Joker Is A Terrifying, Harrowing, Volatile Triumph Of A Movie
In a year that’s seen the US ravaged by bullet-torn adversity, evil has become a dark commodity. Extremists’ fantasies are continually enabled in the pits of the web, inspiring pilgrimages of blood that flood headlines.
The Clown Prince of Crime would probably relish today’s culture.
With that in mind, audiences may not be ready for Joker – a shocking, provocative, utterly beautiful vision of a cruel world set alight.
Check out the latest trailer below:
‘Nobody is civil anymore,’ Arthur Fleck (Joaquin Phoenix) angrily posits. He’s a man disregarded by a society which ‘treats him like trash’.
Stuck in a dead-end clown job and battling his mental demons hour-by-hour, Arthur’s solace is at home; scribbling aspirational stand-up comedy titbits while watching Murray Franklin (Robert De Niro) on TV and looking after his frail mother (Francis Conroy) à la You Were Never Really Here.
Alan Moore’s Joker famously said: ‘All it takes is one bad day to reduce the sanest man alive to lunacy.’ Todd Phillips, on the other hand, tracks that monstrous descent (or rise) across a number of incidents on the dark side of Gotham’s metropolis.
A vicious jumping by a group of teenage goons, a nighttime train assault by drunken Wall Street jocks: Arthur continually suffers at the hands of emotional and physical oppression.
Phillips has been caught on record saying he just wanted to make ‘a real movie’ as opposed to a comicbook film. That statement aside, it’s clear the director led Joker with a strong affection for the classics – namely, Martin Scorsese’s oeuvre.
Arthur is almost a more deranged cut of the obsessive King of Comedy Rupert Pupkin, navigating grimier, less compassionate Taxi Driver surroundings. Phoenix’s extravagant dancing, whether it be in a bathroom or on wet steps to the tune of Gary Glitter’s Rock and Roll Part 2, evoke memories of Travis Bickle’s ‘You talkin’ to me?’ theatrics.
While Phillips’ command isn’t quite as sharp, as an intense character study it carries somewhat of a nostalgic allure (that, plus the retro Warner Bros. logo and De Niro’s slightly spicier take on Jerry Lewis’ King of Comedy).
Check out the first trailer below:
Joker is, first and foremost, an origin story: the saga of how a mentally ill man courts with malice until the inevitable lust takes hold of him. While Phillips and co-writer Scott Silver paint their pro/antagonist with small strokes of The Killing Joke’s failing comic, this is an entirely new beast altogether.
The charm of the iconic Batman adversary is, generally, his lack of past or mission (aside from battling the caped crusader). No version is concrete, no motives solid: he’s an agent of chaos. Heath Ledger retained this trait with the ever-changing story behind the facial scars, whereas Jack Nicholson had a mobster background, transformed into the giggling megalomaniac by a chemical pool.
Never has the villain’s ascent to madness been captured with so much humanity. As a portrait of a desperate soul wrestling with an unyielding society – ‘I just don’t want to feel so bad anymore,’ he tells his nonplussed social worker – Phillips’ work is hugely effective.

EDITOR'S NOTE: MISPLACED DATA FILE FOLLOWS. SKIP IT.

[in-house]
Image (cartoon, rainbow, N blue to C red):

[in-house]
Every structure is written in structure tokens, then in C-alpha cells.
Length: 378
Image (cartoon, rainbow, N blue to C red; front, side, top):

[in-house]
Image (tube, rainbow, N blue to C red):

However, the trail of horrific events leading to the coda of chaos play with your sympathy: as the mental make-up of Arthur flourishes into something grislier and far more despicable, you’ll wrestle with your ethics.
The explosions of breathtakingly brutal violence are hair-raising – and inexcusable – but somehow, it’s hard to ignore the twinge of jubilance you feel as he conquers a broken city with such ease.
We’re in 1981 Gotham. Thomas Wayne (Brett Cullen), a one-percent billionaire industrialist, brands those who haven’t made something of their lives, the less-fortunate, as ‘clowns’ on-air.
The movement this inspires, alongside Arthur’s unlikely disruptor, is firmly anti-Trump – although its ruthless rallying against the rich, playing out like nihilistic Bernie Sanders cultism with a dose of 8chan, is very on-the-nose. It’s like Ledger said: ‘It’s not about money, it’s about sending a message.’
The direction is robust, making a slow-burn feel dizzyingly propulsive. But the beauty of the thing is something to behold: Lawrence Sher, who shot The Hangover trilogy with surprising panache, really raises the game. Gotham may be in decay, but it’s showcased with staggering elegance, city vistas contrasting the textured, stunningly lit interiors Arthur stews and jives in.
One can’t neglect praise of Hildur Guðnadóttir (who won the Emmy for her musical work on HBO’s Chernobyl), whose sorrowful, haunting cello composition strikes real misery into the villainy.
The craft is impressive, but this is undoubtedly Phoenix’s film – and you daren’t look away. You hang on every word, breath, twitch and painful cackle; it’s a virtuoso, truly electric display of finely tuned character work. From the weight-loss (52 pounds, to be exact) to the most torturous, uneasing Joker laugh to date, Phoenix inhabits every fibre of Arthur’s being.
Much screaming hyperbole has been dished out for the actor since the movie’s Venice premiere – he deserves all of it.
A mesmerising, incendiary portrait of villainy. Brutal, unforgiving and extraordinarily led by Phoenix, Joker might well be the film of the year.
Joker hits UK cinemas on October 4.
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